Yes, self reflection can be valuable and how you could’ve shown up differently, but if you gave your best effort, dialed in your training and all of the big rocks, it’s not worth beating yourself up over the minutiae and saying, “well, did I meditate enough?” or “did I affirm enough?” or “did I journal enough?” or “did I do X,Y, and Z” enough? or “did I do yoga enough?” or “did I have positive thoughts” enough?
This mindset makes anxiety worse because not only does it focus on the Self way too much, it gives you a false sense of control of a final result. Ultimately, life is not in your control. You can only stack the odds in your favor.
There comes a time when you need to move into acceptance that you didn’t make that team.
Take some pressure off of Self. It’s awful for mental health.
One of the most inspiring historical stories I read was about a man who had it all – an incredible family, vibrant health, and abundant wealth. He had stability and lived a peaceful life. He was also a righteous and good man that didn’t deserve suffering.
Then, all of a sudden, everything he had was taken away.
He lost his health and was plagued with sickness. He lost his money, food, and all of his assets. He even lost his own family.
Despite the catastrophes happening in every facet of his life, this man remained hopeful that things would work out in the end. He wasn’t disgruntled. He wasn’t resentful. He didn’t linger in the past. He didn’t scrutinize himself. He kept faith that all of it would come back and there was something greater at play.
The story ends with the man getting his family back. He also got his wealth back, several fold.
I’m sure you can look in reality and observe similar stories. Bad things happening to good people. Calamities crushing genuine people. Healthy people getting sickness and disease. Successful businesses failing.
Life isn’t fair in most circumstances, but it’s downright miraculous in others.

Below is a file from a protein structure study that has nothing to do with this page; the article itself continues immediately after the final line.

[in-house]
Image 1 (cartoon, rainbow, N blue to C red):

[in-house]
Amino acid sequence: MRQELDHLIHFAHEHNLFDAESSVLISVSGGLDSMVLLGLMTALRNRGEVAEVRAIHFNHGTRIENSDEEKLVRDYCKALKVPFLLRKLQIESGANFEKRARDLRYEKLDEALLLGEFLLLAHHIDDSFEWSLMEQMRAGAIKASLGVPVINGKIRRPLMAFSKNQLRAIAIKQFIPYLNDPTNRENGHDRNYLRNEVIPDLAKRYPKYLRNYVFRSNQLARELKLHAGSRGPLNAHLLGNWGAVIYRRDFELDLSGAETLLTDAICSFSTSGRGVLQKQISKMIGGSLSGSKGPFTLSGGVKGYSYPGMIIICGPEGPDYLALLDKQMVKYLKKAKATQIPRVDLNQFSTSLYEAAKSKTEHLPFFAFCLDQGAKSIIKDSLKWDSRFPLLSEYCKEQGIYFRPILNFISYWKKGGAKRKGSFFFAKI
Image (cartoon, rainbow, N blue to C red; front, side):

I’m sure you can also observe horrific life events that have turned around into miracles. Someone healing from Stage 3 cancer. A rags to riches story. An addict becoming sober. These are beautiful stories that give us hope.
But when you don’t get the happy ending you deserved, don’t lose hope.
Use it as an opportunity to strengthen it further.
Use it as an opportunity to humble yourself.
Use it as an opportunity to have unwavering faith, zoom out and trust the bigger picture.
Now that I’m in my 30s, I look back on this meager hiccup as an adolescent soccer player, and it all makes sense. The outcome of the event didn’t matter, but the lessons did.
Even though I didn’t make the Maryland all-state team as a young girl, my training efforts weren’t a waste by any means.
I learned discipline and use it now more than ever. I learned how to stick to something and not be flaky. I learned how to organize a routine. I learned how to strengthen and care for my body. I learned how to maintain my health so I can live a fulfilling and playful life. I learned how to serve others even in times of my own despair and depression.
When things don’t go my way, I don’t remain a prisoner of the past.
Instead, I focus on what I can do in the future, but more importantly, I keep faith something more magical is on the way.
This is true and lasting peace…in sports and life.
When hard work doesn’t pay off just know what you put in was never a waste.When hard work doesn't pay off just know what you put in was never a waste. Click To Tweet
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“Though he slay me, I will hope in him” (Job 13:15)
Janet RiffePosted at 19:40h, 13 August
Beautifully written and an excellent lesson for my teenagers (and really anyone). Thank you for sharing! I’m going to save this and have my girls read it often.
ericaPosted at 20:08h, 13 August
Thank you, Janet. I am so happy you love the message. 🙂 This was a fun article to write!